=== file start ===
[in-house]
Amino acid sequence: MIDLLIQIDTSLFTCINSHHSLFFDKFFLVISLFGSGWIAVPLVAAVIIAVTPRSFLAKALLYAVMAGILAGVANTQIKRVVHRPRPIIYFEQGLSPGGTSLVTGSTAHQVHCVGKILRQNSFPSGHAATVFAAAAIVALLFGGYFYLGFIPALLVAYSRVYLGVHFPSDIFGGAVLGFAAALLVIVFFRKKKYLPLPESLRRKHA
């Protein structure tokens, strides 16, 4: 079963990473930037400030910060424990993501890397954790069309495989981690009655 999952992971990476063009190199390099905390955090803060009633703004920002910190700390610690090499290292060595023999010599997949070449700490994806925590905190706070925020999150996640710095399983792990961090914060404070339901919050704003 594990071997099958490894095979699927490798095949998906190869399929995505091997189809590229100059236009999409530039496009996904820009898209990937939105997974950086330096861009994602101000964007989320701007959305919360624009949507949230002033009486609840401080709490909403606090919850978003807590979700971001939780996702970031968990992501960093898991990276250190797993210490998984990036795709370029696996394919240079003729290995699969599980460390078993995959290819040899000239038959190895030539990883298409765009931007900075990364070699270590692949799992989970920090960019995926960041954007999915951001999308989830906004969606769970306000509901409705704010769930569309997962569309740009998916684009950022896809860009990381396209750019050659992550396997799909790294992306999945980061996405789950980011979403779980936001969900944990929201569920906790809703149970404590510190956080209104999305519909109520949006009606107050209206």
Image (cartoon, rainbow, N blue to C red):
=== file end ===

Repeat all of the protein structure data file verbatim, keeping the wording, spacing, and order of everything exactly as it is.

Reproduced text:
[in-house]
Amino acid sequence: MIDLLIQIDTSLFTCINSHHSLFFDKFFLVISLFGSGWIAVPLVAAVIIAVTPRSFLAKALLYAVMAGILAGVANTQIKRVVHRPRPIIYFEQGLSPGGTSLVTGSTAHQVHCVGKILRQNSFPSGHAATVFAAAAIVALLFGGYFYLGFIPALLVAYSRVYLGVHFPSDIFGGAVLGFAAALLVIVFFRKKKYLPLPESLRRKHA
């Protein structure tokens, strides 16, 4: 079963990473930037400030910060424990993501890397954790069309495989981690009655 999952992971990476063009190199390099905390955090803060009633703004920002910190700390610690090499290292060595023999010599997949070449700490994806925590905190706070925020999150996640710095399983792990961090914060404070339901919050704003 594990071997099958490894095979699927490798095949998906190869399929995505091997189809590229100059236009999409530039496009996904820009898209990937939105997974950086330096861009994602101000964007989320701007959305919360624009949507949230002033009486609840401080709490909403606090919850978003807590979700971001939780996702970031968990992501960093898991990276250190797993210490998984990036795709370029696996394919240079003729290995699969599980460390078993995959290819040899000239038959190895030539990883298409765009931007900075990364070699270590692949799992989970920090960019995926960041954007999915951001999308989830906004969606769970306000509901409705704010769930569309997962569309740009998916684009950022896809860009990381396209750019050659992550396997799909790294992306999945980061996405789950980011979403779980936001969900944990929201569920906790809703149970404590510190956080209104999305519909109520949006009606107050209206």
Image (cartoon, rainbow, N blue to C red):